The frontispiece shows two women walking with arms linked and a little boy angel tugging at one of their Greek dresses. There is a small Grecian pavilion in the background on the left. To the right a maypole is visible with figures dancing around it. The woman on the left carries the Lady's Magazine open in her right hand while the woman on the left has a stick with a jester's head on it in her left hand. Her left breast is bare, and the nipple is visible as well as a great deal of her right leg.
The issue contains "On the Use of Animal Food, and Sugar" by Mrs. C[atherine] M[acualay] Graham on pages 31-32.
This issue contains "A new Pattern for a Work Bag." It also contains an "Account of Mrs. Inchbald's `Simple Story'" (which is continued in the March issue). There is an engraving to go with "The Repentant Husband. A Tale." which depicts a woman collapsed against a rock naked save for a cloak or blanket which is not covering her breast. A man dressed like Robin Hood is holding a flaming torch abover her and seems to have just discovered the woman.
This issue contains a "new Pattern for working an Apron" and an engraving to go with the tale "The Fatal Alternative." The engraving features a woman tugging at her hair with her right hand, which is long and down, and holding out a letter with her left hand. She stands at the edge of a river; two men on horseback are visible in the background galloping somewhere. The "Fatal Alternative" is on pages 153-5.
This issue contained "Sprigs for working Gowns, Aprons, &c."
This issue contained "An new Pattern for working a Gown, Apron, &c." It also had a copper plate labelled "The Folly of Curiosity." "The Folly of Curiosity. A Tale" appears on pages 312-6. The issue also included "Account of the King's Birth-Day" on pages 305-11.
[from page 307]
The queen, Three folds of crap, richly embroidered with purple, green, and silver goils, in the front of the petticoat and on each side a superb drapery of the same, edged with fine blond and bands of diamonds, drawn back in three festoons, and fastened up with bunches of diamonds; a silver tissue body and train, trimmed with fine blond and bands of diamonds.
[from page 311]
The king, as usual on his own birth-day, in a plain suit of scarlet clothes.
His royal highness the prince of Wales, in a green striped silk coat, embroidered in a most superb manner with gold and silver spangles all over, the waistcoat of white silk, covered over with silver tissue, and a small embroidery to correspond with the coat; breeches the same as the coat. His highness wore a most brilliant star, George, sword and epaulet, both at the drawing room and ball.
Duke of Clarence, in a full navy uniform, with a brilliant star of the order of St. Andrew. His highness wore a most elegant diamond loop across his shoulder.
Duke of Gloucester, in full regimental uniform.
Prince William of Gloucester, a striped nut-brown coat and breeches, with a light embroidery of flowers, the waistcoat of silver tissue, and embroidered to correspond with the coat.
Duke of Leeds, a dark brown coat and breeches, with a narrow embroidery of flowers, the waistcoat white, to join with the colour of the coat. Duke of Bedfored, the most suberb dress at court; the colour of the coat and breeches could not be distinguished by the eye, being so richly covered all over with silver spangles, over which was a very rich embroidery of gold and silver intermixed, the waistcoat white and silver tissue, his buckles set round with diamonds. Duke of Montrose, a light green striped silk coat and breeches, with a very rich embroidery of silver spangles. Duke of Dorset, a carbeaue and blue striped coat and breeches, with white silk waistcoat embroidered with silver spangles; the waistcoat embroidered to correspond with the coat. Duke of Queensberry, a plain green striped silk coat, waistcoat and breeches. The Spanish ambassador, one of the neatest dresses at court; his coat and breeches were embroidered and spotted all over with silver; the waistcoat of white silk embroidered.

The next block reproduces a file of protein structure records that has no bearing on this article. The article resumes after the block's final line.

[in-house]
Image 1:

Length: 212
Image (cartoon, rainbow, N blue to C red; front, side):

At nine o'clok [sic] the ball was opened with minuets, which were as follows, viz ....
After the minuets, the country dances began, and fourteen couple stood up. After two country dances, their majesties withdrew, and the company began to take their departure. It was near two o'clock before they could all get to their carriages.
This issue contains "A new Pattern for working a Waistcoat."
This issue contains "A new Pattern for a Work Bag, or Boat Basket, &c." There is also an engraving to go with "The Treacherous Guardian. A Tale." that is printed on pages 397-400.
This issue contains a copper plate of "An new Pattern for Working a Shawl."
This number contains a plate of "A new Pattern for a Muff" and "A beautiful Portrait of her Royal Highness Frederica Charlotte, Duchess of York." It includes as well an article entitled "Decription of the Persons and Dress of the LADIES of CYPRUS. From Mariti's Travels in Cyprus, lately published by Messrs. Robinsons, two Vols." There is also an essay ""On keeping up Appearances" as well as a letter from "Clio" labelled "On Fashion."
This number contains plates of "A new pattern for a Basket." There is also an engraving that accompanies "The Vicissitudes of Fortune. A Tale" on pages 657-9.
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